A recent article "Body worn out by the environment: Taiwanese dancers' career dilemma outside of the Cloud Gate Dance Theater" by the key review network caused some waves in the stratosphere of my theater. With a sensational title, this op-ed by Cai Chunyu paints a difficult image of Taiwanese dancers and how difficult it is to support yourself as a dancer in Taiwan. The author of this article should be a theater fanatic who loves performing arts, but some issues are really superficial, and they give people the feeling of seeing flowers in a fog. Some people around me have been living in the dance circle for many years, and I feel in this article. Friends who are "endorsed" can't help but feel injustice for themselves. u9yfgf44akcek6e6owuamdn2ha4y9c Photo Credit: Courtesy of Cloud Gate Dance Group The most controversial thing is the title. Of course, Cloud Gate and Wugou are two of the best dance brands in Taiwan and internationally renowned. But what's the reason for putting them alone in the title? It means that only these two groups can support the live dancers. If the dancers can't join these two groups, they have to sell red bean cakes?
Cloud Gate is not the only dance troupe that employs full-time dancers. For example, it was founded in 1989 by Ping Heng, a National Literature and Art Award winner. The Dance Space Dance Troupe with a history of more than 30 years is also an established dance troupe with a considerable scale and history in China. The Century Contemporary Dance Company founded by Yao Shufen, winner of the National Literature and Art Award ; the Scorpion Dance Theatre founded by three male dancers including Chen Wukang, Su Weijia and Zhou Shuyi; Hidden in Wedding Photo Editing Pingtung Sandimen, the main body of work is the Paiwan culture. The Moorish dance set has full-time dancers. As a person who doesn't pay much attention to the dance circle, I can talk about a few examples. I think there are actually more cases. It is true that many performance teams do not have full-time actors, dancers, or performers (or a certain percentage of full-time and external performers), but this can only be said to be due to differences in operating methods and physical attributes, and cannot be completely based on this.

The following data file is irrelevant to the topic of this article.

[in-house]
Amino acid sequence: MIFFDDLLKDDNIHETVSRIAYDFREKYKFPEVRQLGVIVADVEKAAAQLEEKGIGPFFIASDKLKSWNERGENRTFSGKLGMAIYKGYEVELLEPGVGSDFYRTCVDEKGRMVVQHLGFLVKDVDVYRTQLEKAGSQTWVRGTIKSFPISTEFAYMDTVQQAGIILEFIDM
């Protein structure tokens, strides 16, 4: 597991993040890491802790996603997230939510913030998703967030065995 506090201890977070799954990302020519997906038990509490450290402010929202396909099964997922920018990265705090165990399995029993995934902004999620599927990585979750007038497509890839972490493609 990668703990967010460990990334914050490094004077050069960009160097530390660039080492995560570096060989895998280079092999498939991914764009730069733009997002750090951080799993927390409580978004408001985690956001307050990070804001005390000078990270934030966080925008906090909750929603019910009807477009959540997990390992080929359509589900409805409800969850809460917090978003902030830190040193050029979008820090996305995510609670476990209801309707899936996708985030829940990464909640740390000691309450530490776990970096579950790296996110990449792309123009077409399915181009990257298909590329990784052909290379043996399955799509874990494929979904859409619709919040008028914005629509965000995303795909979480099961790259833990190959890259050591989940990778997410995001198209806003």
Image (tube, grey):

Determine whether a performance team is operating well or badly. Of course, in terms of art forms such as opera or dance with complex performance procedures and high independence, it is indeed an ideal situation to have a group of fixed performers, choreographers and creators working together for a long time. But whether there are full-time performers is one of the important indicators for the operation mode of the performance team, but it is not the whole. As mentioned in the previous paragraph, I am not a person who walks and dances in the dance circle. I am not able to discuss or dialectically the plight of some dance workers mentioned in this submission. However, some of the issues related to art and literature practitioners touched by this submission, as well as some of the blind spots derived from them, are indeed worthy of our review. If we can leave some clues for discussion after the dispute subsides, I think it would be a good result.